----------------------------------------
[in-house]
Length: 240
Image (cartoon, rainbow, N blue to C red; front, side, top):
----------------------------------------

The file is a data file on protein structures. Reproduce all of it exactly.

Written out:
[in-house]
Length: 240
Image (cartoon, rainbow, N blue to C red; front, side, top):